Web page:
“Towards apprehending the ongoing industrial action embarked upon by the NUPENG workers, the minister has scheduled a crucial conciliatory meeting with the president and executive of NUPENG on Tuesday,” the statement read in part.
The Nigerian National Petroleum Corporation asked members of the public not to engage in panic buying of products, adding that it had more than 1.6 billion litres of Premium Motor Spirit in stock, enough to last for 48 days.
It also said it had in stock sufficient quantities of Automotive Gas Oil or diesel, Dual Purpose Kerosene and Aviation Turbine Kerosene to serve the country.
The Group General Manager, Group Public Affairs Division, NNPC, Mr. Ndu Ughamadu, said in a telephone interview with one of our correspondents, “The government is consulting the union and the NNPC is also consulting the union on the strike issue.”
He added that the government was working hard to arrive at an amicable resolution of outstanding issues with the concerned industry unions.
The ULC had said it hoped to cripple all modes of transportation within the nation, cause total blackout nationwide, cut-off petroleum products supplies, and disrupt banking operations.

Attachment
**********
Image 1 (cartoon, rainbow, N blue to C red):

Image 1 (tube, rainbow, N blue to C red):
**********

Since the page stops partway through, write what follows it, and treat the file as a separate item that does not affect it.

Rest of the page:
Its demands comprise the ban on the stationing of the soldiers and policemen in its members’ workplaces and factory premises; establishment of a task force by the Federal Ministry of Labour to carry out factory inspections; immediate review of the privatisation of the Power Holding Company of Nigeria; and immediate payment of all the arrears of salaries owed workers at all levels of government.
The ULC President, Joe Ajaero, while assessing the impact of the strike on Monday, said, “We urge all Nigerians to bear with us as this is a necessary sacrifice we all must make to assist those in government to be more responsible and responsive to the demands of Nigerian workers and masses.
“We urge the patriots, who are working behind the scene to get the matter resolved, to put pressure on the Federal Government to listen to Nigerian workers and the masses, whom it claims to lead. That is the only way we can get this matter amicably resolved.”
The ULC issued the strike notice following the government’s failure to recognise the body as a labour federation despite allegedly fulfilling all conditions stipulated by law.